Few States Have Contingency Plans if Supreme Strike Down Health Law Subsidies

Millions of Americans could soon lose health insurance when the Supreme Court decides the latest challenge to the Affordable Care Act this month, but states have made few concrete plans to deal with the potential fallout, and they may get little help from Washington, President Obama warned Monday. “If somebody does something that doesn’t make any sense, then, it’s hard…to fix,” the President said, suggesting his administration can’t do much if the justices side with the health law’s Republican critics. When the court rules this month, the justices may eliminate insurance subsidies in as many as 37 states that use the federal HealthCare.gov marketplace established through the health law. The law’s challengers argue that a strict reading of the statute makes those subsidies available only in states that established their own marketplaces, rather than having the federal government operate the marketplace for them. A state could restore the aid if it runs its own marketplace, as California and 12 other states and the District of Columbia already do. Only two states whose residents are in jeopardy — Pennsylvania and Delaware — have outlined strategies for preserving subsidies, however. “I’m afraid the potential for major disruptions is only now starting to dawn on people,” said former Utah Gov. Mike Leavitt, a Republican who served as Health and Human Services secretary under President George W. Bush.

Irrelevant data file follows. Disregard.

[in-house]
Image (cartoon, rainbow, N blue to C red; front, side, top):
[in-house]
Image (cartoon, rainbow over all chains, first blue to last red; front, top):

Source/more: Los Angeles Times

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